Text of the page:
LANDRUM et al v. OZARK MOTOR LINES INC et al
ORDER granting 4 Defendant Ozark's Motion to Dismiss Complaint. Ordered by US DISTRICT JUDGE C ASHLEY ROYAL on 6/8/2017. (tlh)
IN THE UNITED STATES DISTRICT COURT
FOR THE MIDDLE DISTRICT OF GEORGIA
FREDDIE LANDRUM and ANNIE
LANDRUM as the PARENTS and
ADMINISTRATORS of PHIL
OZARK MOTOR LINES, INC., and
THE TRAVELERS INDEMNITY
No. 5:16‐CV‐525 (CAR)
ORDER ON MOTION TO DISMISS
Plaintiffs Freddie and Annie Landrum bring this action pursuant to the
Declaratory Judgment Act, 28 U.S.C. § 2201, to determine their rights and obligations
under an insurance policy issued to Defendant Ozark Motor Lines (“Ozark”) by
Defendant The Travelers Indemnity Company (“Travelers”). Before the Court is
Defendant Ozark’s Motion to Dismiss. The Court has carefully considered the parties’
arguments and the relevant law, and finds Plaintiffs’ claim against Defendant Ozark is
not properly before this Court under Rule 12(b)(1). Accordingly, the Court GRANTS
Defendant Ozark’s Motion to Dismiss [Doc. 4].
In this declaratory judgment action, Plaintiffs allege a commercial automobile
liability policy issued by Defendant Travelers to Defendant Ozark provides coverage
for the death of their son, Phil Landrum, who drove tractor‐trailers for Defendant
Ozark.1 When Plaintiffs asserted claims for underinsured motorist benefits under the
policy, Defendant Travelers denied coverage on the grounds that Phil Landrum is not
an additional insured under the policy.2 On October 28, 2016, Plaintiffs filed suit
against Defendant Travelers and Defendant Ozark.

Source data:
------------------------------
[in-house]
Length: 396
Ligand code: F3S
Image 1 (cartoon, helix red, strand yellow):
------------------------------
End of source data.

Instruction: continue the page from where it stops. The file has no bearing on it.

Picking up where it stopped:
Defendant Ozark seeks dismissal from this lawsuit, contending the Court lacks
subject matter jurisdiction because no justiciable case or controversy exists between
Plaintiffs and Defendant Ozark. 3 Plaintiffs concede Defendant Ozark “may, in fact, be
correct” that no case or controversy exists but contend the parties should be allowed to
conduct discovery to determine whether Defendant Ozark has any interest in this
lawsuit.4 The Court agrees with Defendant Ozark.
To establish a justiciable case or controversy, the party seeking a declaratory
judgment must show a substantial controversy between parties having adverse legal
Complaint, ¶ 15‐16 (Doc. 1‐2, p. 6).
Id. at ¶ 19 (Doc. 1‐2, p. 7).
3 Defendant Ozark originally sought dismissal for failure to state a claim. An argument that no justiciable
case or controversy exists, however, challenges a district court’s subject matter jurisdiction. GEICO Gen.
Ins. Co. v. Farag, 597 F. App’x 1053, 1057 (11th Cir. 2015) (unpublished decision) (citing U.S. Fire Ins. Co. v.
Caulkins Indiantown Citrus Co., 931 F.2d 744, 747 (11th Cir. 1991)).
4 Plaintiffs’ Response Brief [Doc. 9, p. 6].
interests of sufficient immediacy and reality to warrant a declaratory judgment.5 Here,
the dispute—whether Phil Landrum is an additional insured under the policy—is only
between Plaintiffs and Defendant Travelers. No such dispute exists between Plaintiffs
and Defendant Ozark, the named insured.6 Accordingly, Plaintiffs fail to establish a
justiciable case or controversy with Defendant Ozark.
For the reasons set forth above, the Court HEREBY GRANTS Defendant Ozark’s
Motion to Dismiss [Doc. 4].
SO ORDERED, this 8th day of June, 2017.
S/ C. Ashley Royal
C. ASHLEY ROYAL, SENIOR JUDGE
UNITED STATES DISTRICT COURT
Maryland Cas. Co. v. Pacific Coal & Oil Co., 312 U.S. 270, 273, 61 S. Ct. 510, 512 (1941). See also Cardinal
Chem. Co. v. Morton Int’l, Inc., 508 U.S. 83, 95, 113 S. Ct. 1967, 1974 (1993) (explaining party seeking
declaratory judgment has burden of establishing justiciability).
6 Provident Life & Accident Ins. Co. v. Transamerica‐Occidental Life Ins. Co., 850 F.2d 1489, 1490‐91 (11th Cir.
1988) (explaining “[c]ourts have found the case or controversy requirement lacking . . . when the
defendant has no interest in the case” and “when no conflict exists in the case”).
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